"We haven't lived up to it to be honest. We don't have any excuses really." 4 months ago

"We haven't lived up to it to be honest. We don't have any excuses really."

Having failed to make it out of Ulster in successive seasons, Paddy McBrearty says that Donegal have no excuses and admits that they haven't lived up to the hype that has surrounded them.

It's been a disappointing couple of years for Declan Bonner's men who, having followed up an Ulster final loss in 2020 with an Ulster semi-final loss in 2021, haven't competed in the All-Ireland series since 2019. Over the course of those two years, there was plenty of talk about Donegal and how they could have been the team to dethrone Dublin and to fall at such early hurdles, McBrearty says, has been a huge disappointment for all involved.

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"It's been very frustrating. There's been a lot of talk about Donegal the last few years, people tipping us to challenge Dublin and for All-Irelands and we haven't lived up to it to be honest. We had big hopes coming into this year but things didn't work out on the day for us against Tyrone, we can't keep saying that things didn't work out on the day for us because we don't have any excuses really. We need to get over these big games," the Kilcar man says in a GAA Hour interview with Colm Parkinson.

McBrearty's mind turns to 2018 when, in the first year of the Super 8s championship format, Donegal lost their eight year unbeaten record in Ballybofey in a defeat to Tyrone. Similarly, in 2019, their championship hopes were dashed after another big-game loss, this time to Mayo. Since then, he says, the team have been focused on "winning the big games," but in a knock-out Ulster championship, that's been beyond them.

It wasn't all doom and gloom for McBrearty this year, who can always look back on the sweet stoppage time winner he kicked against Derry in the Ulster quarter-final. It was a point the man himself could have trademarked, having moved in his renowned loop before splitting the posts with one of his first touches of the day.

 

He explained the origin and the technicalities of a move he's now synonymous with.

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"When I lost a yard or two of pace there around three years ago (that's when I started ) Ah, naw, it was just, it just started off in training," he says.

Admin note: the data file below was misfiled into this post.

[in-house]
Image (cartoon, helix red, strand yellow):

"It’s just something, we just saw a pattern working you know, get lads into your different positions and am,  you know the ball-carrier then acts as kind of a shield between your man or the man-marker and the man receiving the ball. So, it’s been effective you know. Teams, teams can shut it down too. Derry were really good at it against us this year, they had it really well set up but am, yeah, it probably is a wee bit predictable at times. But ah, it’s about getting the mixture right."

"I don’t want to give away too much because, this could be taken up in video-analysis sessions again but yeah, the ball-carrier is important to the whole thing. He can get in the way of you receiving the ball and the man-marking you you know, and he can act as that shield which would be a term in basketball, where you can see in basketball where a three-point shooter might get free because a man is shielding, shielding his marker. So yeah, it’s about not going too early into that position, am delaying it a wee bit..."

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Most importantly of all though, McBrearty, who today celebrates his 28th birthday, explained why, when he's taking a free-kick, he folds up the shorts like Cristiano Ronaldo.

"I saw you tweeting about this Wooly three or four years ago! Ah, it's just a complete habit. When I'm wearing shorts in the house, I walk around with them like that too and when my mother asks what's this about, I don't know, it started when I was fifteen or sixteen. There's nothing to it, I'm not trying to impersonate Ronaldo or anything like that, don't worry!"

You know what they say, look good, feel good, play good.